#2016SCCTE: Teaching Writing as an English Major: Who Should, Can Teach Writing?

Reading and Writing for Change

South Carolina Council of Teachers of English

Annual Conference

January 29-30, 2016

Kiawah Island Resort

Program

SCCTE January 29-30, 2016: Teaching Writing as an English Major: Who Should, Can Teach Writing?

Emily Hendricks, Kristen Marakoff, Rachael Weisinger, Madelyn Wojnisz, P.L. Thomas, Furman University

Session F: Saturday January 30, 10:45-11:30

SCCTE 16

Often we discuss how to teach writing, but more rare is a consideration of who should teach writing and what sort of background writing teachers need to teach well. Composition, in fact, is a field, but taking courses in literacy or having a degree in English are often seen as adequate preparation for teaching writing.

This session offers a complication of the idea that simply having an English degree prepares a teacher to teach writing by exploring thoughts of pre-service teachers with English degrees as they face teaching writing as beginning teachers.

“We need to talk…”: Conferring with High School Writers

Emily Hendricks

Students of all levels of academia have often identified conferring as the technique that most improved their writing. These meetings of criticism and commendation offer significantly more feedback than returning a bleeding, red-inked paper. However, many high school writers graduate without experiencing a single writing conference. It’s not hard to guess why this happens: too many students and not remotely enough time. So, how can we adapt to these challenges? This section will briefly review the positive impacts of conferring with writers, while also exploring the varieties of how teachers can realistically implement the technique in their classrooms.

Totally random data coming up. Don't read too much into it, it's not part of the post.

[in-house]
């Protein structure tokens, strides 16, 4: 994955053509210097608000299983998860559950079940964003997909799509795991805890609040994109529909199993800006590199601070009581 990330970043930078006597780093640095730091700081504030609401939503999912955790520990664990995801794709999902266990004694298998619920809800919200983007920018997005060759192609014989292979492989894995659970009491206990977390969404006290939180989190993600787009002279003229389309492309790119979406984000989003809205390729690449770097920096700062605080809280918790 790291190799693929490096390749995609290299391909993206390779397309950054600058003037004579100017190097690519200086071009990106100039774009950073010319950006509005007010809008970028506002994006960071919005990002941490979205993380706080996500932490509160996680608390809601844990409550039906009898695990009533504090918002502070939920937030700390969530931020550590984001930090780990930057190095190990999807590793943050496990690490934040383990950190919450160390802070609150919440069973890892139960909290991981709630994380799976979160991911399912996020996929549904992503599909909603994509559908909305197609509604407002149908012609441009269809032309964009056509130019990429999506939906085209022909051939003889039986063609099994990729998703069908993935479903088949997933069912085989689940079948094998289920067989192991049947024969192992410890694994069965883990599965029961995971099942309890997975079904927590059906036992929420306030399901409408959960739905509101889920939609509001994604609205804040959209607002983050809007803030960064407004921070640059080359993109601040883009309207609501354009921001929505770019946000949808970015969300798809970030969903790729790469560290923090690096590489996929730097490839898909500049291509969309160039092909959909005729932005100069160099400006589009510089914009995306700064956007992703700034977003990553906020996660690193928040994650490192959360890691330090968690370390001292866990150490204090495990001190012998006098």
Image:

Teaching Whiteness (and Writing)

Kristen Marakoff

As white teachers, there are innumerable ways that we assume the universality of a white perspective and impose white thinking processes on children of color. Specifically, when teaching writing, white teachers are often blind to differences between spoken dialects and written, formal English: a difference that dramatically affects a student’s ability to learn conventional grammar and sentence structure. As a student teacher who will soon be expected to teach students the fundamentals of writing, I am painfully aware that teaching them “correct” writing is imposing white culture on my students. This presentation examines culturally responsive approaches to teaching writing.

How the 5-Paragraph Essay Murders Us All—Slowly and Surely

Rachael Weisinger

From preparing students for state testing to summarizing their readings of Moby Dick, the 5-paragraph essay is drilled into students over and over again. Despite the efficiency of this standard format, students hardly experience another form of writing by the time they graduate from high school. “How the 5-Paragraph Essay Murders Us All—Slowly and Surely” will look at the need to foster love and creativity of writing, while still respecting the expectation to teach analytical essays.

To Thesis or Not To Thesis: The Question of Teaching Writing In the English Discipline

Madelyn Wojnisz [non-attending; PowerPoint available]

Many high school students struggle with varying writing expectations among different disciplines (English, history, science, etc.). Writing literary analysis requires different criteria than writing in history or science. Therefore, in this presentation, I explore and clarify, both for myself and for others, what challenges teachers and students face when writing within the discipline of English.

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